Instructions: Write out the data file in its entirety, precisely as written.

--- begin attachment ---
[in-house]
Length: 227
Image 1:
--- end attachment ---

[in-house]
Length: 227
Image 1: